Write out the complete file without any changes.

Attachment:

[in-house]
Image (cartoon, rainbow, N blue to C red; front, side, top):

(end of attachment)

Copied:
[in-house]
Image (cartoon, rainbow, N blue to C red; front, side, top):